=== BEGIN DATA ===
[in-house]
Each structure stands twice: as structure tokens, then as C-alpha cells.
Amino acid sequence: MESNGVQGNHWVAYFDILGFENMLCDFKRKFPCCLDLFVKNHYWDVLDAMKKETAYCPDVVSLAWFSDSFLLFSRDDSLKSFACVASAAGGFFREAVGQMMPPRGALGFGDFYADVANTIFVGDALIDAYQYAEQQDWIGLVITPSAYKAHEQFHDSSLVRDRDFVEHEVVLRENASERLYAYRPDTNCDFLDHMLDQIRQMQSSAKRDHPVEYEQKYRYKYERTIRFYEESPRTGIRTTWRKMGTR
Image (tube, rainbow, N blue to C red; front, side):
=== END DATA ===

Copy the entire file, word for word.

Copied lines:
[in-house]
Each structure stands twice: as structure tokens, then as C-alpha cells.
Amino acid sequence: MESNGVQGNHWVAYFDILGFENMLCDFKRKFPCCLDLFVKNHYWDVLDAMKKETAYCPDVVSLAWFSDSFLLFSRDDSLKSFACVASAAGGFFREAVGQMMPPRGALGFGDFYADVANTIFVGDALIDAYQYAEQQDWIGLVITPSAYKAHEQFHDSSLVRDRDFVEHEVVLRENASERLYAYRPDTNCDFLDHMLDQIRQMQSSAKRDHPVEYEQKYRYKYERTIRFYEESPRTGIRTTWRKMGTR
Image (tube, rainbow, N blue to C red; front, side):